Curious about Everything

Day: November 4, 2021 (Page 1 of 2)

‘Merica » Where motor vehicles as weapons is encouraged against protesters

Boston Globe »

Nine months later, the state legislature passed a law granting drivers criminal and civil immunity if they “unintentionally” hit or kill a protester while “fleeing from a riot,” so long as they say it was necessary to protect themselves, citing the protest on I-244 as the catalyst for the law.

You read that right. Given the choice between defending the safety of pedestrians protesting a police murder and the drivers of the vehicles running them down, prosecutors and lawmakers here have reserved their concern for the drivers.

To those on the short end of this cold calculus, it feels like siding, during the 1960s civil rights protests, with Bull Connor’s firehoses over the Black children of Birmingham. Or with the cops with clubs over the brave, battered souls who traversed Selma’s Edmund Pettus Bridge.

A Globe review of the recent incidents found there have been scores of people hit, dozens of injuries, at least three deaths, but precious little justice, much less sympathy, for the demonstrators injured, killed, or just plain terrified. Yet Oklahoma and 15 other states have considered bills protecting drivers, not protesters, as these ramming incidents have proliferated.

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Israeli spyware company NSO Group placed on US Dept of Commerce’s blacklist

The Record »

The US government has sanctioned today four companies that develop and sell spyware and other hacking tools, the US Department of Commerce announced today.

The four companies include Israel’s NSO Group and Candiru, Russian security firm Positive Technologies, and Singapore-based Computer Security Initiative Consultancy.

The Guardian »

NSO Group has been placed on a US blacklist by the Biden administration after it determined the Israeli spyware maker has acted “contrary to the foreign policy and national security interests of the US”.
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Banks, insurers and investors worth $130 trillion promise to put climate at heart of finance

  • Mark Carney says the money is there, but mechanisms are needed
  • Investors want scale, transparency and public commitment

World Economic Forum »

Banks, insurers and investors with $130 trillion at their disposal agreed at COP26 to put combating climate change at the centre of their work.

It comes as COP26 delegates debate not only the extent of global pledges to cut emissions but also how to meet these goals, particularly in the developing world – and where the money will come from.

UN climate envoy Mark Carney, who assembled the Glasgow Financial Alliance for Net Zero (GFANZ), put the figure needed at $100 trillion over the next three decades, and said the finance industry must find ways to raise private money to take the effort far beyond what states alone can do.

“The money is here – but that money needs net zero-aligned projects and (then) there’s a way to turn this into a very, very powerful virtuous circle – and that’s the challenge,” the former Bank of England governor told the summit.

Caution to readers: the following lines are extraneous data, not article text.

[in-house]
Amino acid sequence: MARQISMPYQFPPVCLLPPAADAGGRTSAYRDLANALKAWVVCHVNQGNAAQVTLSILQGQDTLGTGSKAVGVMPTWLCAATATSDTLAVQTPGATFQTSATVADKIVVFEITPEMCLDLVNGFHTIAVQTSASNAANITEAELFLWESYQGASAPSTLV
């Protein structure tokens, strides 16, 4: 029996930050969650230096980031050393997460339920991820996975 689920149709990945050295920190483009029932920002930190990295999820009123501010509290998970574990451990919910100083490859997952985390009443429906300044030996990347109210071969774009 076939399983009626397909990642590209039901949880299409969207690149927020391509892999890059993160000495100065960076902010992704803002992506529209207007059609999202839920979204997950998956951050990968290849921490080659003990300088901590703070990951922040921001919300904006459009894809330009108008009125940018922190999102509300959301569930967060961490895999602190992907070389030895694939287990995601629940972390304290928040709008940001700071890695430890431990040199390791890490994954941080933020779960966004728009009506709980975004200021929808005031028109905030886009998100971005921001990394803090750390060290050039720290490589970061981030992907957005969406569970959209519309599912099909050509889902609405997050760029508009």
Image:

Elsewhere » Reuters

Exercise isn’t likely to ruin your knees

A meta-analysis found no link between knee osteoarthritis and either the amount or duration of routine exercise.

As someone who has good knees and has run many marathons, I’m happy to read this.

From the Press Release »

“Knowing that the amount of physical activity and time spent doing it is not associated with the development of knee osteoarthritis is important evidence for both clinicians and the public who may need to consider this when prescribing physical activity for health,” said co–lead author Thomas Perry, BSc, PhD, of the University of Oxford, in the UK.

Ed Cara, Gizmodo »

Age is the largest risk factor for osteoarthritis, along with others like sex (women report it more often), genetics, and weight, since it can put more stress on the knees. Physically stressful jobs that require lots of heavy lifting and knee-bending have been linked to osteoarthritis as well. It’s less clear whether physical activity outside of work can cause or worsen knee osteoarthritis, though it’s certainly a common fear that exercises like running will eventually ruin your knees.

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77 countries have pledged to phase out coal, the dirtiest of the fossil fuels that drive global warming

But China, India and the USA did not sign the agreement at the COP26 climate summit in Glasgow.

One nation alone, China, accounts for more than 40% of the world’s greenhouse gas emissions from burning coal. China is not joining the world in this commitment and instead promises to increase building coal fired power plants to meet soaring power demand.

To boost coal output, China has “revived old mines, hurried through permits for expansions and loosened some safety regulations. They’ve also stepped in on prices to ensure electricity generators are incentivized to fully use power plant capacity.” (Bloomberg)

China is also seeking to increase imports of foreign coal. China’s demand for the fossil fuel in the power and industrial sectors could break the country’s 2013 record for emissions from coal.

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